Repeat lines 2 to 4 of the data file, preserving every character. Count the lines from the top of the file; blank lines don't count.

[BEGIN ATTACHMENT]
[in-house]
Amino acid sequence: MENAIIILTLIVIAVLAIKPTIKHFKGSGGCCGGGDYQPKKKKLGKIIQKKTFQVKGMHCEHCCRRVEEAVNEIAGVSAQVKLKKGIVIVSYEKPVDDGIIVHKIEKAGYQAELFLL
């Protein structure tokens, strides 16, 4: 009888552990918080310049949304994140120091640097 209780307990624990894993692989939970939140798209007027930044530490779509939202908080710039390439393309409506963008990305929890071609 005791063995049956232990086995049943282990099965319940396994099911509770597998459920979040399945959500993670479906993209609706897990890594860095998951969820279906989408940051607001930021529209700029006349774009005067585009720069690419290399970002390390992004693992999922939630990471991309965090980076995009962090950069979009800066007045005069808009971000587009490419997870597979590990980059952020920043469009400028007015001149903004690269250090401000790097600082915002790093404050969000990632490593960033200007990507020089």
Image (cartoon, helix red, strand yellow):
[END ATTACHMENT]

Amino acid sequence: MENAIIILTLIVIAVLAIKPTIKHFKGSGGCCGGGDYQPKKKKLGKIIQKKTFQVKGMHCEHCCRRVEEAVNEIAGVSAQVKLKKGIVIVSYEKPVDDGIIVHKIEKAGYQAELFLL
């Protein structure tokens, strides 16, 4: 009888552990918080310049949304994140120091640097 209780307990624990894993692989939970939140798209007027930044530490779509939202908080710039390439393309409506963008990305929890071609 005791063995049956232990086995049943282990099965319940396994099911509770597998459920979040399945959500993670479906993209609706897990890594860095998951969820279906989408940051607001930021529209700029006349774009005067585009720069690419290399970002390390992004693992999922939630990471991309965090980076995009962090950069979009800066007045005069808009971000587009490419997870597979590990980059952020920043469009400028007015001149903004690269250090401000790097600082915002790093404050969000990632490593960033200007990507020089």
Image (cartoon, helix red, strand yellow):